09:21 Well then I came back to America, and I was down Wall Street visiting with my friend Mr Wilhelm who was a coffee merchant - he was known in the coffee market as the Tiffany of the Coffee Trade - he made these blends for Beech-nut and other of the leading coffee brands that you know of on the market; and he had his office down the foot of Wall Street; and Roy, when I was down there, you see, he said, You never know about these things, here we were in New York; and I'd gone out to his place to work on a shop, and we had got a shop started, and one day we were talking at noon there at lunch together, and he says, How would you like to go to Haifa? And I said, Roy, I'd like nothing better, but that's impossible. Well again he says, You never know about those things; I began to see there was some twist to this! Well he had written - Roy had the type of a Bahá'í that had come into the cause through a inner experience also, very dramatic experience that he'd had, and he was a very wonderful believer, he was a Hand of the Faith as you know, if you've known about him, and anything that Abdu'l-Bahá would ask him to do, he'd do, no matter what Abdu'l-Bahá would ask him.
Lighting the Shrines Plan; Kelsey to Haifa
So Roy had read a tablet of Abdu'l-Bahá's where Abdu'l-Bahá was speaking about the Bab Who was in prison in the fortress of Chihriq and where He didn't even have a candle light, if you've read that tablet, where it speaks about the Bab didn't even have a candle light, where it says, All the world is illumined with light and the One they're looking for is in prison Who doesn't even have a candle light. And this so impressed Roy, that he wrote to Abdu'l-Bahá and wanted to know if he couldn't send a lighting plant over there to light the Shrine of the Bab. And Abdu'l-Bahá wrote back and says, Yes, you can send three! Well Roy was the kind of a fellow who would send three, so he rightaway he sent the three, well, when he was talking about my going to Haifa, he had some plan in the back of [his mind] - have me go over, so when I told him I would like nothing better he wrote to Abdu'l-Bahá, and shortly after he wrote to Abdu'l-Bahá I got a cablegram from the Master, and which on it said "Curtis Kelsey permitted". Well with that cablegram I got the strongest impression that I must make every effort to go to Haifa as quickly as possible, and to get there within at least thirty days; this was the impression I got.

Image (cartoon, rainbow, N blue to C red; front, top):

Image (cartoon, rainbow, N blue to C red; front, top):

What I did though, I called the young man - I didn't have any money to mount anything, you spend what you earn, you know - and I had an old Model T Ford and we were living in New Rochelle at that time, and I drove down the one the grocery stores are, around six o'clock at night, where I knew several of the fellows, and I blew in at this busy hour and I said, Who'd like to buy my Ford? well they looked with this blank look and don't answer right away, and I felt kind of sheepish and I started to walk out, and one of the boys came running and "Wait a minute Curtis," he says, "If that'll climb a certain hill here, I'll give you 150 dollars for it!" and I had just cleaned the spark plugs that day, so we went over the hill and higher, and I got my first 150 dollars.
More Things Sold, Roy Contributes, Father's Permission